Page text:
In two weeks, Amy Loeffelholz and I will be leading a 3 day workshop for elementary STEM teachers in Yukon, Oklahoma, which we’ve named “STEMseeds PD Camp.” (It’s June 2-4, 2015.) One of the planned STEM projects we’re going to do is “Jitterbug Robots,” a lesson my wife (Shelly Fryer) learned to do and enjoyed last summer at the “Create, Make and Learn” STEM workshop in Burlington, Vermont. She also did this lesson with her 3rd and 4th graders in February. They created a short video showcasing their creations. The students learned a lot about electricity and circuits during this project. I want to modify the lesson slightly for STEMseeds Camp and encourage participants to add button battery powered LED lights to their Jitterbugs. Tonight I ordered the following supplies for this lesson from SparkFun Electronics and Amazon.com, which are included in the supply list for the lesson published by the Exploratorium in San Francisco. The LED lights and batteries are not on the original supply list, but I’m adding them:

  1. 3 volt DC motors
  2. Alligator clip leads
  3. 3 volt button batteries
  4. 10 mm LED lights

I could have saved money by ordering everything from Amazon if I’d ordered sooner, but the items I wanted wouldn’t ship even with expedited service till after our workshop. Here’s a breakdown of what I ordered and what I might order next time for less money, if I give myself more lead time.

For the 3 volt DC motor, I went with the $1.95 hobby motor from Sparkfun. This 3 pack of DC motors from Amico would cost almost half as much per motor, but with Amazon expedited shipping they wouldn’t arrive in time. Based on my research for this lesson, I think either of these motors will work fine for the Jitterbugs.

For the alligator clip test leads, I went with these 10 packs from Sparkfun for $2.95 each. This is a good price, I didn’t look exhaustively but couldn’t find better prices on Amazon tonight.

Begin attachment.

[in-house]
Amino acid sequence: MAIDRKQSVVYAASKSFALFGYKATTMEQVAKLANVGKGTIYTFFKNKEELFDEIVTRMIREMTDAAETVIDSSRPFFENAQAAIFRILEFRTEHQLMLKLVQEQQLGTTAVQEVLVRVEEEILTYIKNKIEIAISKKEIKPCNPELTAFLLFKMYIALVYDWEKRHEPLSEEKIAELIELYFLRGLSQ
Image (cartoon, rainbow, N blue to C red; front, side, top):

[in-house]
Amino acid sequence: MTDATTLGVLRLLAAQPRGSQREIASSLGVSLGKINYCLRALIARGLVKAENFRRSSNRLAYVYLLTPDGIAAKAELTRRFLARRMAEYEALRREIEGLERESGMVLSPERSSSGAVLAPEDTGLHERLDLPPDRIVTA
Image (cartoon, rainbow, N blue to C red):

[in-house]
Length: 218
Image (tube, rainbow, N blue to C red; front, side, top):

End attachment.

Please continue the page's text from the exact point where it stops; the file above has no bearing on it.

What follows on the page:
For the LED lights, I went with a 10 pack of assorted colors from Sparkfun for $7.95. I found alternatives on Amazon for MUCH cheaper, but again they would have shipped too late. Here are the links for 50 packs of 10 mm , 3 volt LEDs for $4 each plus shipping in green, red, blue and white. In April and May of 2010, my kids and I participated in a wonderful DIY workshop in Oklahoma City about creating LED light pens to “paint with light.” This is a fun project to do if you can work with folks after dark, and if I have a chance to do this again with kids or adults in the months ahead I’ll likely order these less expensive LEDs from Amazon.

For the button batteries, thankfully, I was able to order from Amazon for much less than Sparkfun offers them. These 3 volt batteries are $1.95 each from Sparkfun.

Amazon, however, sells 3 volt button batteries for just $7.21 for a 20 pack with free shipping (since we’re “Prime” customers), putting the price at around 36 cents each. That’s a HUGE savings!

My final order to Sparkfun tonight was about $80 with USPS Priority Mail shipping, so these items should arrive mid-week next week. My Amazon order for 40 button batteries was about $14.50.

This is an EXPENSIVE STEM lesson budget, based on all the STEM lessons I’ve taught in the past two years, but I think it is going to be well worth it. Again, with more lead time I could have reduced the cost for the DC motors substantially. The LED lights aren’t needed for the project, but I think they are cool and it will give me a chance to also share about LED light painting with workshop participants. Button battery LEDs are also fun to add to nametags!

The additional supplies we’ll still need to purchase for this lesson include:

  1. AA batteries (1 per participant if everyone builds their own Jitterbug Robot)
  2. Glue sticks
  3. “Pipe cleaners, glitter, feathers, googly eyes, felt, and other craft materials”
  4. Jumbo paper clips
  5. Recycled CDs

Check out this video of the Jitterbug Robots my wife’s students made earlier this semester. This is going to be a VERY fun and worthwhile project.

I just wish I’d figured out all the right supplies to order earlier this semester, so I could have done this project with my Makers Club students! I’m leaving over $700 in our Makers Club activity fund after this year… so we would have had plenty of money to order supplies. I didn’t have much planning time this year to order supplies or do much of anything except keep my daily lessons going… but after doing this lesson in a couple of weeks for STEMseeds PD Camp, I should be ready to do the lesson again with students when another opportunity presents itself!

As with many STEM lessons, there are multiple ways to create Jitterbug Robots. Here is a 6 minute tutorial video I found on YouTube with some slight variations on the Exploratorium suggested recipe:

If your plans and budget allow, we still have room for more teachers to join us for STEMseeds PD Camp in 2 weeks. Amy and I would love to help you create your own Jitterbug Robots! Learn more on camp.STEMseeds.org.

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